Justin Beal’s ‘Sandfuture’ Tells the Tale of Two Towers

In his first book, the author offers a scholarly account of the life and work of Minoru Yamasaki – the esteemed architect of the World Trade Center

BY Terence Trouillot in Books , Reviews | 10 JAN 22

Amidst the clamour of COVID-related news, last year marked the 20th anniversary of the 9/11 attacks. I was 16 when I heard the thunderous noise of the first plane hit the North Tower of the World Trade Center – the fracas resonating from the Financial District to Union Square, where I was then at school. I try hard not remember that moment, if I’m being honest, even in the face of the multitude of unpalatable posters, still blazoned across New York, which state: ‘WE WILL NEVER FORGET’ – as if we needed the constant reminder. Yet, despite my best efforts, the elegiac act of remembering this tragic event seems increasingly salient, particularly at the start of 2022, as we creep falteringly into yet another pandemic year.

Justin Beal Sandfuture Cover
Book cover, Battery Park Beach, May 15 1977. Courtesy: © MIT Press and The New York Times / Redux; photograph: Fred R Conrad; cover design: John Morgan Studio

One thing that helped me do this was Justin Beal’s Sandfuture (2021), a smart and scholarly account of the life and work of Minoru ‘Yama’ Yamasaki – the esteemed architect of the Twin Towers. In his very first book, Beal – a former architecture student and artist – veers from giving the reader a straightforward biography of Yamasaki to detail why, as the back page claims, he ‘remains on the margins of history despite the enormous influence of his work on American architecture and society’. Instead, Beal weaves together personal anecdotes about his wife and child, meditations on migraines and the late Joan Didion, and musings about his several encounters with New York architecture – all bookended by two national tragedies (9/11 in 2001 and Hurricane Sandy in 2012). While I was slightly disappointed that the book did little to unpack the racial undertones that plagued Yamasaki’s career as a Japanese American (and the child of victims of Japanese internment camps), I was enthralled by the meta-narrative that Beal presented on how we understand both the built environment more generally and the image of the architect.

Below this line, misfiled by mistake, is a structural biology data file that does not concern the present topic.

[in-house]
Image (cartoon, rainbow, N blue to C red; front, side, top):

In fact, Sandfuture chronicles Yamasaki’s life and career in great depth, from his professional rise and the launch of his own firm in St Louis to details about his love life and, ultimately, his declining health. The main protagonists, however, are the buildings themselves, specifically the 1956 Pruitt-Igoe housing complex in St. Louis and, of course, the World Trade Center (1973), both of which were destroyed on public television. (Pruitt-Igoe was demolished in the mid-1970s after living conditions declined.) Initially celebrated as great examples of modernist architecture, both buildings were later condemned as logistical failures and criticised for their fussy design and Yamasaki’s trademark ‘New Formalism’ style.  

Minoru Yamasaki and assistant, model of World Trade Center, 1969
Minoru Yamasaki and assistant with Model of World Trade Center, 1969. Courtesy: © MIT Press and the Library of Congress; photographer: Balthazar Korab

Another skyscraper that takes up much of the book is Rafael Viñoly’s 432 Park Avenue (2015) – the tallest residential tower in the world when built. The many pages dedicated to Viñoly’s tower might, at first, seem odd. Yet, the World Trade Center and 432 Park Avenue share a similar gestalt and both were created as bastions of extreme wealth. As Beal notes, a tower ‘is, essentially, a column, and a column is never entirely sculpture nor architecture. The two towers of the World Trade Center and 432 Park Avenue share this quality.’ He later goes on to describe them as watchtowers for the uber-rich.

In Rosalind Krauss’s 2003 essay ‘Mr. Clean-Up’, she remarks of Daniel Libeskind’s proposal for Ground Zero: ‘[S]hould Libeskind be chosen as the rebuilder of Ground Zero, Al Qaeda will have doubly triumphed: first, in the massive loss of life that resulted from their levelling the site; second, in the conceptual decimation leading a whole population to abandon its cultural values.’ Libeskind did go on to win the bid for Ground Zero and another watchtower was built. The Freedom Tower, as it is called, never comes up in Beal’s narrative, nor does Krauss’s style of invective criticism reach his pages. Rather, Beal gives measured insights into his subjects, veering away from deference while still lamenting their downfall. 

Peter Hujar World Trade Center 1976
Peter Hujar, World Trade Center at Night, 1976, vintage gelatin silver print, 51 × 41 cm. Courtesy: © MIT Press, The Peter Hujar Archive, Pace Gallery, New York and Fraenkel Gallery, San Francisco

The book opens with a lengthy quote from Filarete’s Treatise on Architecture (1464), which begins: ‘The building is truly a living man […] through excess it is ruined and dies like man.’ This anthropomorphism runs throughout Beal’s text, specifically in this idea of the building being plagued by sickness – one of corruption and greed – that withered away its more noble origins: the unbridled belief and optimism that modern architecture can change the world. Surely that’s something worth remembering. 

Main image: Demolition of Pruitt-Igoe Apartments, April 22 1972. Courtesy: © MIT Press

Terence Trouillot is senior editor of frieze. He lives in New York, USA.